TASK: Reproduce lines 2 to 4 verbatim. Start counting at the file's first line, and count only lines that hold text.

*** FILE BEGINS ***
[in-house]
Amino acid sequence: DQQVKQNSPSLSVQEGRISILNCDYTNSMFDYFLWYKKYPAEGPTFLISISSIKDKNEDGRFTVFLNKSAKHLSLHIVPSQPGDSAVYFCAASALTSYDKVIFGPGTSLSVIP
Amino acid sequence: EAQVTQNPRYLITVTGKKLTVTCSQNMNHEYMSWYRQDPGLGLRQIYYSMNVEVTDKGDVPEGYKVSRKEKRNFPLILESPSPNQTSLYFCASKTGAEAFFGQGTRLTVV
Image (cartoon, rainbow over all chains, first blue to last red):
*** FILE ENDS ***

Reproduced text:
Amino acid sequence: DQQVKQNSPSLSVQEGRISILNCDYTNSMFDYFLWYKKYPAEGPTFLISISSIKDKNEDGRFTVFLNKSAKHLSLHIVPSQPGDSAVYFCAASALTSYDKVIFGPGTSLSVIP
Amino acid sequence: EAQVTQNPRYLITVTGKKLTVTCSQNMNHEYMSWYRQDPGLGLRQIYYSMNVEVTDKGDVPEGYKVSRKEKRNFPLILESPSPNQTSLYFCASKTGAEAFFGQGTRLTVV
Image (cartoon, rainbow over all chains, first blue to last red):